Under current law, employer-provided health insurance is excluded from a worker's income for determining both income and employment taxes. In addition self-employed taxpayers generally can deduct the cost of their health insurance. In contract, taxpayers who purchase non-employment based health insurance may deduct their premiums only if they itemize deductions (which most taxpayers do not) and only to the extent that premiums and other unreimbursed medical expenses exceed 7.5% of adjusted gross income.
Pollitz, K., Sorian, R. and Thomas, K., How Accessible is Individual Health Insurance for People in Less-Than-Perfect Health? Report for the Kaiser Family Foundation, June 2001, http://www.kff.org/insurance/upload/How-Accessible-is-Individual-Health-Insurance-for-Consumer-in-Less-Than-Perfect-Health-Report.pdf.
Over time, employers would likely convert at least some portion of premium contributions to wages. Nonetheless, there would probably be some "leakage," and in the immediate term, not all employers have policies in place to raise wages immediately.
See also CRS Report RS22476, Standardizing State Health Insurance Regulation.
For a discussion of that debate, see CRS Report RL31963, Association Sponsored Health Plans: Legislation in the 109th Congress (pdf).
"Individual Market Rate Restrictions, 2007," Kaiser Family Foundation's statehealthfacts.org, http://www.statehealthfacts.org/comparetable.jsp?ind=354&cat=7.
Herring, B., Pauly M., The Effect of State Community Rating Regulations On Premiums and Coverage in the Individual Health Insurance Market, NBER Working Paper Series 12504, http://www.nber.org/papers/w12504. Pauly, M., Herring, B., Pooling Health Insurance Risks, AEI Press, 1999.
Although exactly how much of an impediment ERISA creates is in flux as legal challenges are considered. For more on ERISA and the legal landscape, see Butler, P., ERISA Implications for State Health Care Access Initiatives: Impact of the Maryland "Fair Share Act" Court Decision, prepared for AcademyHealth and the National Academy for State Health Policy, November 2006 and Employee Retirement Income Security Act (ERISA) and State Health Reform, An Alliance for Health Reform Toolkit, August 2007.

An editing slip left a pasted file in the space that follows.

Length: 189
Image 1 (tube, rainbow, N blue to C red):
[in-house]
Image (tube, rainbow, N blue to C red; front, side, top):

Klein, E., "Over State: Why the Laboratories of Democracy Can't Achieve Universal Health Care," the Washington Monthly, July/August 2007, p. 26.
In such times, states and their advocates are quick to note that all but one state (Vermont) must annually balance their budgets.
SIMPLE stands for Savings Incentive Match Plan for Employees, originally used to refer to Individual Retirement Accounts (IRA) plans offered by small businesses.
This bill was placed in this category, because while it creates "National government-provider health insurance," it also would allow individuals to maintain their employer-sponsored health insurance.
The bill was originally introduced as H.R. 3200 by the Committees on Education and Labor, Energy and Commerce, and Ways and Means on July 14, 2009. The Committees on Education and Labor and Ways and Means each ordered reported, as amended, their versions of H.R. 3200 on July 17, 2009. The Committee on Energy and Commerce ordered reported its version of the bill on July 31, 2009.
Two Senate committees of jurisdiction also approved major health insurance reform legislation. The Senate Health, Education, Labor and Pensions (HELP) Committee reported S. 1679, and the Senate Finance Committee reported S. 1796. These bills were consolidated as S.Amdt. 2786, further amended on the Senate floor, and passed in the Senate on December 24, 2009, as H.R. 3590, the Patient Protection and Affordable Care Act (hereafter simply referred to as H.R. 3590, or the Senate bill).
Excerpt from The President's proposal, http://www.whitehouse.gov/sites/default/files/summary-presidents-proposal.pdf.